Life in the 21st century has its perks. We are more connected than ever, can travel the world in record time, and bonus: it allows many of us to work from virtually anywhere—even if it just means staying at home to knock off tasks off the to do list, uninterrupted. If you’ve successfully convinced your boss to let you log more hours from home this year, you’ll want a killer workspace to match. After all, there's nothing more counterproductive than replying to emails from your bed or the sofa.
Do you have a small space to fit a desk or even a spare room that goes unused a little too often? Don’t let your home office become the dumping ground for all unwanted furniture and décor accessories. If you’re going to really use your home office this year, make it an inspiring and functional space. Whether you only have a small closet space in your rental apartment or an entire room to redecorate, you'll find some handy tips to get organized and boost productivity. Don’t let Labor Day pass you by without giving your home office décor a refresh—and hit the ground running come September.
Most of us are guilty as charged: Clutter accumulates throughout the year, be it unfiled paperwork, fabric samples, or dried-out pens. Before anything else, sweep your space clean, and start fresh. After getting rid of excess clutter, find an organizing system that works for you. Make sure that everything is accounted for like bills, important paperwork, magazines, and office supplies. Store each item in its appropriate bin, box, container, or tray.
Focus on the View
There’s nothing more uninspiring than staring at a white wall all day. Is there room to rearrange the furniture for your desk to face a window? If there isn’t, consider artwork or even a mirror to hang above your desk and reflect the window behind you. Just make sure to hang it high enough so that you don’t end up staring at yourself all day long.
Make It Multipurpose
In many homes, the office sometimes doubles as a guest room, media room, or den. Setting up your desk across from the sofa or sofa bed will serve as double duty for TV watching. With that setup, you can either stream Netflix, host guests, or spend a day working from home. Your spare room will never go unused again.
Build It In
Not everyone has the luxury of having a full room dedicated to a home office. When dealing with a workspace in an open space, sometimes the best solution is to create a desk space within a built-in storage wall to keep clutter at bay. Another solution is to take over a small closet or cupboard space that you can hide away when not in use.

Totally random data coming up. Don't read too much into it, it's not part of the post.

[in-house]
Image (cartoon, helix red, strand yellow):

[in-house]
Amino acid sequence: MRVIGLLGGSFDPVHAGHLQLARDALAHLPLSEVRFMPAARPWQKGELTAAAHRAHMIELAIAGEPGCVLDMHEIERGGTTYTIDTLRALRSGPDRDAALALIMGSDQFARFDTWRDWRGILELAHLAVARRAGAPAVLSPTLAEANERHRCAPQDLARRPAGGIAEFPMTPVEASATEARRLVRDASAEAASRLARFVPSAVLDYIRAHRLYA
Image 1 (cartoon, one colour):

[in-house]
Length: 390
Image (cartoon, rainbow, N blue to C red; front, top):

Float Your Desk
Does your work involve a lot of client visits at home? Or maybe you like having your husband or kids pop in and chat while you work? If so, consider floating your desk in the middle of the room and adding in one or two guest chairs. This layout is much more sociable and open.
If you have the space, installing bookshelves behind your desk is possibly one of the most practical changes you can make in your home office. Think about it: A quick roll around and you have access to all your important files.
Double It Up
When creating an office space for both you and your significant other, creating continuity helps keep a sense of order in the space. Try to match desks, chairs, and lamps, and keep individual clutter tucked away. An extra-long table can easily fit two workspaces without taking up as much space as two bulky desks.
Check Your Lighting
“Turn on the light, or you’ll hurt your eyes,” said every mother in the world. We all know the importance of adequate lighting in a workspace. During the day, you’ll want your computer screen facing away from a window to avoid the daylight glare. At night, make sure you have a good task lamp so you can burn the midnight oil while keeping your eyesight in check.
Pay Attention to Ergonomics
There are a few guidelines to follow when it comes to posture and ergonomics—and that applies to your home office as much as your work desk. Your chair should provide adequate back support to allow you to keep your back and shoulders straight. Your feet should be flat on the floor. Your elbows should be at a 90-degree bend and align with your hands on the keyboard (anything less can strain your wrists). Your eyes should level with the top third of the screen, and don’t forget to take occasional breaks.
If you work in a creative field (and if you’re working from home, chances are you do), you know the importance of finding inspiration on a daily basis. Surround yourself with objects and images that get your creative juices flowing.
We often favor our common living spaces when it comes to buying art: the entrance hall, the living room, and the dining room get priority treatment, often because that’s where the art will be seen the most. But if you’re going to start spending more time in your home office, make a point to start an art collection for your workspace. It’s the perfect room to experiment with edgier and more affordable art.
Do you work from home? Share your tried-and-trusted tricks for ultimate productivity with us.